Phill Jupitus began his performing career in 1984, when he quit working in a Job Centre to become a left-wing punk poet, going by the name Porky The Poet.
He did the rounds of pubs and universities, supporting bands including The Style Council, The Housemartins and Billy Bragg. Two years later, he began working for indie label Go! Discs - whose artists included Billy Bragg - where he eventually became press officer for The Housemartins. He has also directed videos for Billy Bragg and the late Kirsty McColl.
And as his poetry turned into comedy, Jupitus remained linked to the music scene, with his big TV break coming in 1996, when he joined BBC2's pop quiz Never Mind The Buzzcocks as a regular team captain.
He also hosted his own show on BBC GLR, where he presented his own show from 1995 to 2000, and became the breakfast DJ on 6 Music in 2002.
As a stand-up, he has performed two UK tours: the Star-Wars-themed Jedi, Steady, Go in 1996, and Quadrophobia in 1999.
Phill also supported Madness on their 2000 national tour, and starred in a sitcom called Dark Ages for Granada Television. In January 2000, he joined BBC1's comedy panel game It's Only TV But I Like It as a team captain, alongside Jonathan Ross and Julian Clary.
He has also provided the voice of Dandelion in an animated series based on Watership Down for ITV and in Aardman Animation's Rex The Runt.
He has also played a patient in Holby City and an embittered sports journalist in the film Mike Bassett: England Manager.
Phill Jupitus: You're Probably Wondering Why I Asked You Here
At the end of his show, Phill Jupitus explains his unusual approach. There are hundreds of observational stand-ups, he argues, so he wanted to try something different.
That ‘something different’ is an improvised show in the guise of three characters – a veteran thespian, a wartime German U-boat captain, and a future version of himself from 40 years hence, all allegedly here from beyond the grave, and all with no script, other than to answer whatever questions the floor throws up.
The set-up clearly stretches his improv muscles – he’s a frequent guest with the Comedy Store Players as well as his own projects – but a lot of the time the exercise feels decidedly like hard work, both for him and us. There are occasionally great payoffs, more often than not when Jupitus allows the real him to shine through the constricts of the personas, but also rather too many cul-de-sacs for the ideas to really fly.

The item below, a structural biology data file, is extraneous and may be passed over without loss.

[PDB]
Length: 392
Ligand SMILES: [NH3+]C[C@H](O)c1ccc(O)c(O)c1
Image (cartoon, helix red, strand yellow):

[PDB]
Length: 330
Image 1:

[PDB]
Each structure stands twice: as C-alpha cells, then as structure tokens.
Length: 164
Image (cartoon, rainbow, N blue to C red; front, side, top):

Tweedy pipe-chomping thespian Vernon Herschel-Harley (born 1899, died last Thursday), clearly taps into Jupitus’s own love of cinematic history and old-school variety acts. He starts off with some creaky local references for the Swindon crowd: mentions of XTC or his former Buzzcocks colleague Mark Lamarr entirely out of keeping with the character – as well as some gratuitous suggestion that he was a ‘bra engineer’ for Sixties sexpot Diana Dors.
However, some of his more surreal flights of fancy have wings, and although only infrequently laugh-out-loud funny, do create an enjoyably strange world. But it feels too lightweight to be a proper character creation; and not sharp enough for us to marvel at his quick-witted ad-libbed skills.
After the first interval, the teutonic sternness of Kurt Schiffer is amusingly dismissive of the audience’s more ridiculous questions, not least the one involving ‘seamen’ that became – for want of a better phrase – too much of a mouthful for the poor punter who flunked the double entendre. That reveals a flaw with the show: it can only be as good as the questions, even before adding the uncertainty of how Jupitus dealt with them.
Again, Schiffer’s back-story of marriage to a piano-playing Cockney, presumably at least partly considered by Jupitus ahead of the gig, adds some enjoyably weird tones, while he’s also done enough historical research to ground this in at least a dash of truth. And the idea that he spent much of the war hiding away in Mexico where he ran a bar called Adolf Sanchez’s Haus Of Fun has wit. But before we get too deep into it, the korvettenkapitän emits the terse, weary command: ‘Question?’ that’s always moving us on.
In both these creations, Jupitus sometimes struggles to keep character, endearingly turning his back on us as he corpses at his more amusing responses. With the last, he can be more relaxed, since it’s a future version of himself projected here via the science of theatrical conceit – and he answers questions about what the next 40 years will bring for Simon Cowell, Bruce Forsyth and the Queen. Not too adventurous, the inquiries here.
This otherwise good-natured section takes a sour turn as a woman asks him why he’s wearing so many rings, and Jupitus berates her for a niggardly question revealing her own petty prejudices and for breaking the pretense of the show most of the rest of us were happy to go along with. He’s morally right to point out that he should be allowed to wear what the hell he likes, but it strikes an odd tone that he might have pulled off with a more conventional stand-up.
The desire to try a different format has to be applauded, and anything more experimental needs to have the space to fail. There’s too much goodwill towards Jupitus for that to happen, earned because we know he’s working outside the comfort zone, not just because he’s a familiar face off the telly.
But also, on this performance at least, he falls short when compared to either brilliantly thought-through character comedy or the exhilarating feeling of genuinely freeform show like Ross Noble at his finest.
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